With the start of the Second World War came Operation Pied Piper. This was the plan to evacuate civilians from cities and other areas that were at high risk of being bombed or becoming a battlefield in the event of an invasion.
When Phyllis Blogg’s children were evacuated to Bishopsteignton from London, she came to visit them and ended up staying on. They were billeted with Kit and Jack Ward, who ran the butcher’s shop in Fore Street, opposite the Manor Inn.
Kit and Jack Ward were very popular in the village, taking in Phyllis Blogg and her family as evacuees during World War Two. They still have relatives living in the village, who have kindly filled in some gaps in their story.
Memories of Rachael Heathman and her evacuation in Bishopsteignton 1939-1940.
Just after Bishopsteignton Heritage opened its doors to visitors at the HUB in the Community Centre, we were visited by a gentleman who, it turned out, had been evacuated to the village in 1941. His name is John Hope, and he was the nephew of Phyllis Blogg. This is the Blogg family story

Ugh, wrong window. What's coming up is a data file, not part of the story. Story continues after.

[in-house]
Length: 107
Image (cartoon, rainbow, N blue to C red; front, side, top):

David, Pat and Ted Cross were London evacuees staying in Bishopsteignton from June 1940 – January 1942.This is their story as described in a letter to Dick Searle, then the curator of Bishopsteignton Museum.
Norman Barnett was an evacuee billeted with Mr and Mrs Garland at the Bakery, Fore Street, Bishopsteignton from 1940-41. We discovered his story in our archive.
The actor Timothy West was in Bishopsteignton briefly during the war period. The story goes that his father, actor Henry West was on tour and performing in Torquay when war broke out. The family are entered into the 1939 census register as living at 9, Post Office St., now 10 Fore St.. They later moved to Bristol when his father got an acting job there.
John Harvey McGregor (known as Jack), his wife Audrey Pamela (Pam) Brooke lived mainly in Surrey with their two sons John (b 1937) and Richard (b 1939). In September 1940 they all moved down to Devon to escape the blitz, and it was then that they came to live in Bishopsteignton.
All efforts have been made to ascertain that the information in this article is correct. Most of it is taken from material in the Bishopsteignton Heritage archive, and some from personal recollection. If you spot any errors or have any further information on any of these evacuees and their families and descendants, or know of any others that came to the village, please do comment below or let us know by email.